Cecilia Manrique: Politics in the time of COVID-19

Cecilia Manrique: Politics in the time of COVID-19

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One of the best decisions Gabriel and I made last year was to retire in May.

Although I have taught online classes before, I cannot imagine conducting lectures purely on an online basis as some of my former colleagues and mentees at the university are facing right now.

But I would still love to be in the “classroom” in whatever format because of what the current pandemic provides as teachable moments in the various fields of Political Science: American Government, Women and Politics, Global Issues and Comparative Politics all of which I have had the privilege to cover during my more than 30 years in academia.

In American Government, we start the semester with the dilemma of the proper role of government in society.

According to many early philosophers, government was created by people in a social contract to maintain order, protect our freedoms and quite recently to bring about equality.

But like many institutions it gets into a quandary when too little government can lead to anarchy, too much can lead to tyranny. And then there is the constant struggle between those who believe that the national/federal government needs to have greater power especially during a time of crisis (call them Federalists if you wish) and those who contend that states rights need to be protected from the usurpation of power by the federal government (anti-Federalists).

During the time of COVID, the decisions being made to shelter in place, protect citizens, social distance and shut down the economy provide a scenario where both levels of government fight over whose policies should take precedence. Should the policy of the national government be followed or should state and local officials who know their states better be listened to?

In the meantime, real economic, social, political, psychological damage is being done to individuals, families and businesses alike.

And should there be any doubt that only order and freedom are at stake at this time, the many women and minorities who are in the frontlines of the pandemic as well as those who are losing their jobs as a result of it, shows that the value of equality should not be neglected.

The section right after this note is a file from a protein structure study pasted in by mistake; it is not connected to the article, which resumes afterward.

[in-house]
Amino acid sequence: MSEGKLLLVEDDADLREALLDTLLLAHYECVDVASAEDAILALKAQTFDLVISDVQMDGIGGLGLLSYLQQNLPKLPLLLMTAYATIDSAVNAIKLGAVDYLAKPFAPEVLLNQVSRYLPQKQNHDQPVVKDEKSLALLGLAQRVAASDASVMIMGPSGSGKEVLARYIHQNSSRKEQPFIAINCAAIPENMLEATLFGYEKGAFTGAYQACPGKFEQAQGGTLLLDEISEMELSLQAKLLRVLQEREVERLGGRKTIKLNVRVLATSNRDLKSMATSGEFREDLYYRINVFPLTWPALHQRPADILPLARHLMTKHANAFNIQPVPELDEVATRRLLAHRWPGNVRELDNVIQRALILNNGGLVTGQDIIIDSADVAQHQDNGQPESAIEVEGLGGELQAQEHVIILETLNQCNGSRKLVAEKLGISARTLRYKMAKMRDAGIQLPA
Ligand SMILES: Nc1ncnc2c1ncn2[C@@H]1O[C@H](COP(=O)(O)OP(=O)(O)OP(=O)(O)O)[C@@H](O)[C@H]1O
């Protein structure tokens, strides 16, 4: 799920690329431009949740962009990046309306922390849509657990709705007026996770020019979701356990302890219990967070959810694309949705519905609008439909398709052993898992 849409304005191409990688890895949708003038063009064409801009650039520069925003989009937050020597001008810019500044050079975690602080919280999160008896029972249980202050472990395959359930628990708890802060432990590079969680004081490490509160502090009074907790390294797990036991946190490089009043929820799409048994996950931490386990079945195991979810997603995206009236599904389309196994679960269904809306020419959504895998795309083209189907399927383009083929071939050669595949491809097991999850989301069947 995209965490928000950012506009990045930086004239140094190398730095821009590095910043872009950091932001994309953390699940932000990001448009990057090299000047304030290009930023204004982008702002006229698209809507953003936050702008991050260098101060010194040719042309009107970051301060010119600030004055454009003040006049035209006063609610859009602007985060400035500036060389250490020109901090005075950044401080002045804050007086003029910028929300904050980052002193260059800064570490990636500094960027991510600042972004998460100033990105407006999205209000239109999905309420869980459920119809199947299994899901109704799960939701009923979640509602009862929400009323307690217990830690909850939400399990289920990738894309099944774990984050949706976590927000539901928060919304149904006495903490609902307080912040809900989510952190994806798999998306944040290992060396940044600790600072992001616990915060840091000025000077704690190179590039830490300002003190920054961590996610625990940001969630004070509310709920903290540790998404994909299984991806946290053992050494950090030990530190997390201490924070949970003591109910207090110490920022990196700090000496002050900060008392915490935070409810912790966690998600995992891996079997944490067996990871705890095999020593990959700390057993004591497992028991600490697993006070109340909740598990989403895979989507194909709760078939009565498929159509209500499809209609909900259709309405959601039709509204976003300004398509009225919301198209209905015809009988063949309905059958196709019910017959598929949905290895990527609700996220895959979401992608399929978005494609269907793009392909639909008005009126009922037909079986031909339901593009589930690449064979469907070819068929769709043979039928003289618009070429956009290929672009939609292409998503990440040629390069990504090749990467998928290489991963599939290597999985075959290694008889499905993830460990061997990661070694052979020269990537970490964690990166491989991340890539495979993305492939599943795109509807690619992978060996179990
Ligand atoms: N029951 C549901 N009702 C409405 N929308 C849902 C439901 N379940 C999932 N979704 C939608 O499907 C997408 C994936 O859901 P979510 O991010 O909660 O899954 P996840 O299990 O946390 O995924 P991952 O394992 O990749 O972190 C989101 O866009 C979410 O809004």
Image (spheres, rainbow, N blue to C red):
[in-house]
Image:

Although a new concern for government during a crisis, equality has a tendency to be forgotten or put in the sideline. This is not the time to put women and minorities in the background.

Some would like to put the source of blame on the concept of globalization, a term used to describe the interconnectedness of the world due to advancements in communication and technology.

What seemed like a positive aspect of being part of the international community has now become the scapegoat for the quick spread of the new coronavirus, COVID-19.

Some say if only we did not allow for too much exchange of goods, services and people on a vast scale, this pandemic would not have reached such devastating proportions. But that same concept through global cooperation could also spell the fast discovery and dissemination of a vaccine and cure for the virus. So it is indeed a dilemma.

The decision to reopen economies is a struggle for every business, every city, every state, and even every country. Its impact does not only touch a generation in its lifecycle (youth, adults, aged). COVID’s period effect has an impact on every generation in every part of the lifecycle one is in.

As such we will all remember this no matter who where are and where we are. We will remember the struggle of states that want to reopen early and have done so like Georgia, Texas, Indiana and Florida and the dilemma of states that have extended their lockdowns like Michigan and Illinois.

Just as people do a shoutout of lights, whistles, vuvuzelas and banging pots and pans (like in the Philippines to get rid of a dictator) for our health-care workers there are those who march out in the streets to defend their constitutional right to be a part of a participatory democracy where people want to be consulted about reopening — especially because it affects their livelihood.

As long as testing, tracking/tracing and treatment are not in place, people will need to get their burgers, beer and band-aid curbside or online through delivery services.

And for those who demonstrate with signs that say “Give me liberty or give me COVID 19” all I can say is “I don’t think so!”

When public health is concerned, do not let conspiracy theorists, scammers and porch poachers/pirates spoil it for the rest of us.

As one who has had friends here and abroad suffer and die from the virus, I know it is real. Therefore, let science and our common humanity, not politics and individual selfishness, help us make a rational decision that benefits us all.

Cecilia Manrique is a retired professor of Political Science at the University of Wisconsin-La Crosse who hopes that her former students are connecting what they have learned in theory in her classes to the reality surrounding them. She also hopes that they are keeping safe.

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